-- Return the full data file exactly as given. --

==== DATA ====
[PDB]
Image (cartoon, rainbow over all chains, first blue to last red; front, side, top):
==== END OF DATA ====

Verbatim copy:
[PDB]
Image (cartoon, rainbow over all chains, first blue to last red; front, side, top):